After being declarers of independence, Americans became constitution-makers. One of the great wrong-headed pictures portrayed by the Progressive History Lesson is that we were preoccupied with politics. Many more Americans were concerned with–and participated in–the making of church constitutions than in the making of state and national constitutions. In the 1780s Presbyterians, Episcopalians, Methodists, Catholics, Lutherans, Dutch Reformed, and even Congregationalists and Baptists formed national, regional, and local covenants and constitutions. The two most visible, because they were large and Philadelphia-based, were the attempts of Presbyterians and Episcopalians to form orderly national churches. It was not uncommon, in 1787, to see men moving from one constitutional convention to another, and most of them would have been hard pressed to say which was more important.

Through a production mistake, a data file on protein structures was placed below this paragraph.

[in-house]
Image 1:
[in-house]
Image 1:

The most prominent in this group was the Rev. Dr. John Witherspoon, prominent Scots-Presbyterian, signer of the Declaration, member of Congress, President of Princeton (and also primary agent of the “American philosophy,” the basis of the liberal arts in America for over a hundred years), and author of the Introduction to “The Form of the Government and Discipline of the Presbyterian Church in the United States of America.” One can argue, and I often have, that he was as important to the formation of the republic as his student in theology, James Madison.

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